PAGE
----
Confused about parentheses and brackets? Here’s help

The rounded and hard-angled punctuation marks set off bits of text in distinct and specific ways. This guide tells you when and how to use them.

Parentheses and brackets set off portions of text from the whole for various purposes.

Parentheses, appearing almost exclusively in pairs, are usually employed in the same manner as a pair of commas or dashes, though they suggest de-emphasis of the content within (as opposed to commas, which convey a neutral insertion of information, and dashes, which highlight the text between them).

Parentheses, in addition to being employed to interject examples or a brief digression, enclose an abbreviation, acronym or initialism; a translation; or a numerical equivalent of a spelled-out number.

They also can set off a cross-reference, as in: “For more details, read the associated case study (pages 113–119)” or “Gene therapy is discussed briefly here. (See chapter 12 for more information.)”

Parentheses might frame a plural ending to indicate that a word can be read as either singular or plural, as in “Enter the title(s) of the document(s) on the asset list,” or to allow for a gender-neutral reading, as in “Next, (s)he should consult with an adviser.”

Note that one of a pair of parentheses is called a parenthesis. This term also pertains in general to setting text off from other text regardless of which punctuation signals the separation. (Two or more instances of parenthesis might be referred to as parentheses.) Text that is set off by complementary punctuation marks is sometimes referred to as a parenthetical phrase, or simply a parenthetical.

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A single close parenthesis is sometimes used in place of a period when enumerating, as in “The three types of rock are 1) igneous, 2) metamorphic and 3) sedimentary.” (The open parenthesis is not used in isolation.)

A few more guidelines about parentheses follow:

  • Parentheses should not be used in immediate proximity to each other or within another set of parentheses; in the latter case, use brackets (or commas or dashes) instead.
  • Avoid including more than one sentence, or including an extensive sentence, within parentheses.
  • Avoid situating a complete sentence in parentheses within another sentence.
  • Avoid using parentheses too frequently. Consider employing commas or dashes instead, or otherwise revising text so that parentheses do not appear repeatedly in one piece of content.
  • Parentheses framing text in italics, boldface or another style treatment differing from the default text should not share that formatting, but should rather be in the same font as the surrounding text.

A complete sentence within parentheses should end with a period or other terminal punctuation before the close parenthesis, and the preceding text should be followed by terminal punctuation:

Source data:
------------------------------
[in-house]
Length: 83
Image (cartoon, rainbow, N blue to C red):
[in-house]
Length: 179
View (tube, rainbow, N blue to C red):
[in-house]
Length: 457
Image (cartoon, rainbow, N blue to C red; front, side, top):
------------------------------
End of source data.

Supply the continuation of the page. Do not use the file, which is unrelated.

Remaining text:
“. . . then it is fair game. (There are always exceptions, of course.)”

If text enclosed in parentheses does not comprise a complete sentence and ends a framing sentence, the terminal punctuation of the framing sentence should immediately follow the close parenthesis.

“. . . then it is fair game (with exceptions).”

Text in parentheses in the midst of a sentence is not punctuated, regardless of whether it is a complete sentence (unless the terminal punctuation is a question mark or an exclamation point), and the first word of a complete sentence in parentheses is not capitalized:

“. . . then (there are always exceptions, of course) it is fair game.”

“. . . then (with exceptions) it is fair game.”

Brackets, in American English, refer to square brackets. (In British English, the term pertains to round brackets, or what in American English are called parentheses.) Brackets have limited uses, including:

  • adding contextual information within quoted material “She spoke to [Smith],” where the bracketed text replaces one or more spoken words to provide clarity (in this example, replacing the vague him) or to add a word or phrase omitted in the spoken or written quotation. Sometimes, the replaced word or phrase is retained, as in “She spoke to him [Smith],” but this is unnecessary.
  • when framing the word sic (“thus”), borrowed from Latin, confirming that in quoted material, an error or confusing wording is faithfully reproduced from the original text and not a transcription error, as in “The comment read, ‘You are definately [sic] out of your mind.'” (Note that sic is italicized, but the brackets are not.)
  • parenthesizing within parentheses, as in “Submit form 13F (Petition for Appeal [formerly titled Petition for Grievance]) within thirty days.” (When possible, revise sentences to avoid this type of construction.)
  • clarifying, in formal writing, that the first letter of quoted material is, the source material, in a different case, as in “[A]s you would have others do unto you” is the gist of the admonition,” where the quoted material is the second half of the original statement and, thus, as is lowercase in the source text.
  • framing ellipses to indicate that a word or phrase has been omitted, although generally, the ellipses on their own are sufficient.
  • modifying a quotation, perhaps for grammatical agreement, when partially paraphrasing, as when “I agree with his account of the incident, as improbable as it sounds,” is reported, “He said that he ‘agrees[s] with his account of the incident, as improbable as it sounds.'”

Parentheses and brackets both have distinct functions in computing, linguistics, math and science contexts that are not described here. In addition, similar symbols include curly brackets {/} and angle brackets, which have specialized uses not discussed in this post.

A version of this post first appeared on Daily Writing Tips.

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